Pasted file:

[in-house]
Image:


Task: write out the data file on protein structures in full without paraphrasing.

[in-house]
Image: